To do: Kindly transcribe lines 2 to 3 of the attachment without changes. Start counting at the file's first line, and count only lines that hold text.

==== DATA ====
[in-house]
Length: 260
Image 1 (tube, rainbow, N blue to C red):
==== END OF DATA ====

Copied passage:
Length: 260
Image 1 (tube, rainbow, N blue to C red):